• Communicate changes in strategy and direction to internal stakeholders in a timely and detailed manner.

3. Risk management skills
CFOs should:

  • Keep abreast of the latest risk management developments, practices and ERM models.
  • Develop full understanding of changes in business profile and models.
  • Revalidate existing risks, identify new risks, and measure changes in risk profile and impact of the risks in the risk register.
  • Review the ERM framework so that appropriate processes and procedures are in place to reduce the risks.

4. Analysis and advisory skills
CFOs should:

  • Build knowledge of data analytics and analytical tools and their use.
  • Apply analytics on the organization’s financial and operational data to reduce the cost per transaction, monitor gross margins across product or service lines, and identify anomalies or unusual transactions.
  • Leverage analysis and provide feedback to operations and other departments for improvements to policies and processes.

5. People management skills
CFOs should:

  • Support continuing education of finance staff including developing and enhancing technical competency and analysis skills.
  • Help the finance team build the necessary platform to partner other functions to improve operational performance.


Melvin Yong, Singapore Country Head at CPA Australia says: “Continuing education and the relentless acquisition of knowledge are of paramount importance for CFOs and those aspiring to assume that role. More often than not, the challenge facing CFOs is not what they know and could react to but, rather, what they don’t know and have difficulty planning for amid the disruptive changes in the financial, technological and regulatory environment.”

For the full report, please visit


Notes to Editors

About the report

Data for this report was gathered from an online survey of Singapore-based CFOs from April to May 2016. The survey received 88 complete and usable responses. There was an even representation of CFOs from larger organizations (with revenue and net assets above S$1b) to smaller organizations (with revenue and net assets below S$50m). The organizations operate in various sectors, with a higher concentration in real estate, retail and wholesale, and technology. In terms of age, more than 80% of the CFOs are 41 years or older and more than half of the CFOs have been in their current CFO role for less than 10 years.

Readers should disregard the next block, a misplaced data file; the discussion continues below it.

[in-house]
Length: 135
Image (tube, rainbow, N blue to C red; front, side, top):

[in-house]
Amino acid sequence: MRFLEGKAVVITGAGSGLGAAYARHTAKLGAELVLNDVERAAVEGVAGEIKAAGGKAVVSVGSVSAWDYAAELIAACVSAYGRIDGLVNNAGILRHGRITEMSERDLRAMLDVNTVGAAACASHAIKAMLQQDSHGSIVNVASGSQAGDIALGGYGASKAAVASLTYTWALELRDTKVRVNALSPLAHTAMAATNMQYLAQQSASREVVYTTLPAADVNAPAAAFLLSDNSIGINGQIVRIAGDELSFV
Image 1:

About EY

EY is a global leader in assurance, tax, transaction and advisory services. The insights and quality services we deliver help build trust and confidence in the capital markets and in economies the world over. We develop outstanding leaders who team to deliver on our promises to all of our stakeholders. In so doing, we play a critical role in building a better working world for our people, for our clients and for our communities.

EY refers to the global organization, and may refer to one or more, of the member firms of Ernst & Young Global Limited, each of which is a separate legal entity. Ernst & Young Global Limited, a UK company limited by guarantee, does not provide services to clients. For more information about our organization, please visit

This news release has been issued by Ernst & Young LLP, a member of the global EY organization.

About CPA Australia

Founded in 1886, CPA Australia is one of the world’s largest professional accounting bodies representing more than 155,000 members working in 118 countries. CPA Australia advances its members’ interests through education and knowledge exchange, the development of professional networks, advocacy in relation to policy, standards and regulation and the promotion of value of CPA Australia members to employers, government, regulators and the public. The world-renowned CPA designation is synonymous with professional credibility and international portability. CPA Australia has been operating in Singapore for 62 years, having arrived in this market in 1954 under the auspices of the Colombo Plan.